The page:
The Turkish bath or hamman (the root of which means "to heat") draws on the benefits of steam and sweat. Sweat will carry toxins from the system, and as your pores become open and receptive, so will your mind.

The tradition of the Turkish bath extends far back, to a time before Turks had reached Anatolia. When the Turks arrived in Anatolia, they brought with them one bathing tradition, and were confronted with another, that of Romans and Byzantines, with certain local variants. The traditions merged, and with the addition of the Moslem concern for cleanliness and its concomitant respect for the uses of water, there arose an entirely new concept, that of the Turkish Bath. In time it became an institution, with its system of ineradicable customs.

A typical hammam includes a warm room, hot room, and steam room, with dressing rooms and areas for massage, relaxation, and refreshment, but omits the Roman cold plunge or swimming pool.

Washing, becomes a socializing act
For the Turkish bath was much more than just a place to cleanse the skin. It was intimately bound up with everyday life, a place where people of every rank and station, young and old, rich an poor, townsman or villager, could come freely. Women as well as men made use of the “hammam”, as the bath is known in Turkish, although of course at separate hours.

The main reason why hammams became an integral part of Ottoman culture was religion. According to the Koran, washing is not only an important, but an essential part of Islam. However, these marble temples helped create a social atmosphere, consisting of bathing, massage and chatting. Enjoying the company of friends and making business contacts were as important reasons for hamams’ popularity as the religious and hygienic aspects. They were the only places where Ottoman women could socialize in their restricted lives outside the closed doors of their houses. Even the most wealthy women, who had their own private hammams in their houses, dropped by the hammam in their district once a month.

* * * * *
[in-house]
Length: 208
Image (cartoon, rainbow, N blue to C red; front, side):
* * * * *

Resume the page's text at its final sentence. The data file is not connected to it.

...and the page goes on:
The routine ritual of going to the hammam meant arriving with towel, brush, henna, kohl, Cretan soap, pearl-engraved pattens and if possible servants. This ritualistic preparation was necessary as not just a couple of hours, but almost a whole day would be spent in the hammam.

Over time, the washing aspect of going to hammams became secondary. People came to bring food, their pets, and invite friends, musicians and belly dancers to hamams. Following a bath and a massage, women, with only a linen cloth around them, fixed their eyebrows, dyed their hair, and sometimes hands and feet as well, with henna and waxed themselves.

Sources reveal that what fascinated the Europeans the most about the hammams in the Ottoman period was the “removal of body hair.” Much fiction and research penned by Europeans give detailed accounts of this.

Feeling clean inside and out
The Hanafi branch of Islam, which includes the Sunni Turks, demands that every part of the body should be free from hair. Therefore, at each hammam visit, women waxed their body with waxes made of sugar and various herbs. Men preferred razor blades and hair-removing ointments (the most popular ointment is called “rusma” in books. The instructions carried special warnings as it included arsenic). During the Ottoman period, removing body hair was more important to Moslem men and women than it is in the modern world. Hair-removal and massage for women was done by a female concubine.